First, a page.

Farmland Values ​​and Cash Rents Rise in 2022

Originally published by ISU Extension, with information from USDA.
For a decade, low mortgage rates and rising house prices have made buying a home an exceptional investment. From July 2021 to July 2022, housing prices in Iowa increased by 10.4%. But the houses have nothing to do with soaring cropland prices.
From 2021 to 2022, based on survey data collected by the USDA’s National Agricultural Statistics Service, cropland in Iowa jumped 19.7% to $7,810 per acre in 2021 to $9,350 per acre in 2022 (Figure 1). The average of $9,350 per acre is a record for Iowa. The 19.7% rise for 2022 is the largest annual increase in the value of Iowa’s cropland in the USDA survey since 2011 and 2012.
Iowa’s pasture value in 2022 averaged $3,300 per acre, up 9.3% from 2021. The value of $3,300 per acre was slightly lower than the record 2014 value of $3,330 per acre. Over time, pasture values ​​tend to follow cattle and corn prices.

Cash rents are rising
In August, NASS released the results of its annual cash rent survey. The results provide state and county estimates of cash rent paid for irrigated cropland, rainfed cropland, and pasture. NASS excludes land leased for a share of the crop, on a royalty per head, per pound of gain, per animal unit month, leased free or land that includes buildings such as barns from the results of the l ‘investigation.
Cash rent for rainfed cropland averaged $256 per acre in Iowa in 2022, $23.00 per acre or 9.9% higher than in 2021 (Figure 3). That average cash rent was still below the 2014 record of $260 per acre. Grundy County, Iowa had the highest cash rent in 2022 for rainfed cropland at $304 per acre. Ida, Black Hawk and Bremer complete the top five counties. In the Driftless area, District 3 farmland had an overall average of $278 per acre. Davis County, at $154 per acre, had the lowest average cash rent for rainfed cropland.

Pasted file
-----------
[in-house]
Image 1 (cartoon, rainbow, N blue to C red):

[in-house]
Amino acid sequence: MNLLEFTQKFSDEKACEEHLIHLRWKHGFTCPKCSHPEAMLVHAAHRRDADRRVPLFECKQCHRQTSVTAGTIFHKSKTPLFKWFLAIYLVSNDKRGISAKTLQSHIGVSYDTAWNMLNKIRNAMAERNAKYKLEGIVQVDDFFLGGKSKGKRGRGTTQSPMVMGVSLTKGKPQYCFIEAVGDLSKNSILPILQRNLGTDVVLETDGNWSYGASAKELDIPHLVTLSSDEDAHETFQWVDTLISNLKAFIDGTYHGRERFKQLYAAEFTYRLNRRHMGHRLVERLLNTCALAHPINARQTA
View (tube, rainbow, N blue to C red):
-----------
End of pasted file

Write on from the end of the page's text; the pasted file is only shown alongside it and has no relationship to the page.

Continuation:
Recognize that soil quality, field size, topography, drainage, existing relationships between parties, demand for nutrient management purposes, and other factors can result in widely varying cash rental rates , even within a county.
In 2022, cash rent for pastures in Iowa averaged $59.50 per acre. It was $1.50 per acre or 2.6% above 2021 and a record high. Sioux County had the highest published pasture cash rent at $83 per acre, followed by Page and Shelby counties at $81 per acre. Louisa County had the lowest pasture cash rent at $28 per acre.
Pasture cash rental rates generally vary depending on the quantity and quality of forage, species and composition of forage, existence and condition of fencing, quality and availability. water, management practices required by the landowner, among many other factors.

A higher interest rate is a brake
The Federal Reserve has asserted that it will use its monetary policy tools forcefully, including higher interest rates, to tackle inflation. However, reducing inflation has a cost. Agriculture is a capital-intensive industry. Many farmers make extensive use of borrowed funds. All other things being equal, higher interest rates increase expenses and reduce farm profits.
Interest rates can also have a profound impact on the value of land and the ability of cash leased land to generate income to pay rent. The Federal Reserve Bank of Chicago publishes average agricultural mortgage interest rates for the Seventh District consisting of Iowa, most of Illinois, Indiana, Michigan and Wisconsin. The rate for the second quarter of 2022 was 5.17%, compared to 4.44% in the first quarter of 2022 (Figure 4). A year ago, rates were 4.02%.

Land Revenue Trends
One way to value land as an investment is simply to divide the net operating income of the property by its current market value. Net operating income is the expected annual income minus the expenses incurred in owning the land.
A shortcut is to use cash rent as a proxy for net operating income. Think of rent as the dollar income a non-farm landowner would expect to receive from renting the land to a tenant. To get a net return, subtract property taxes, insurance, maintenance or management fees and any other relevant ownership costs from the cash rental rate. Most people simply use the cash rental rate as an indicator of net return.
Dividing the Iowa cropland cash rent of $256 per acre for 2022 by the average cropland value of $9,350 per acre yields a return on investment of 2.7%. Iowa cropland yield rates have varied
between 2.7% and 6.5% since 1997. Dividing Iowa’s pasture cash rent of $59.50 per acre for 2022 by the average pasture value of $3,300 per acre yields a return on investment of 1.8%. Iowa pasture yield rates have hovered between 1.5% and 5.1% for the past 26 years.
Cash rent gains have tracked recent gains in farmland values. Therefore, both ratios have generally tended to decline over time. Grazing ratio bottomed in 2014. Cropland ratio bottomed in 2022. Ratios vary based on location, market values ​​and other factors.

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